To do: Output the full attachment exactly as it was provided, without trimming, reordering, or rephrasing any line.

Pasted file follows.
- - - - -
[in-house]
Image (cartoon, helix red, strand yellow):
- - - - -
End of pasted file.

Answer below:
[in-house]
Image (cartoon, helix red, strand yellow):